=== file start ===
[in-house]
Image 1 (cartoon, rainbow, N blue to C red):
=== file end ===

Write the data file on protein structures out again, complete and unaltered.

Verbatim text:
[in-house]
Image 1 (cartoon, rainbow, N blue to C red):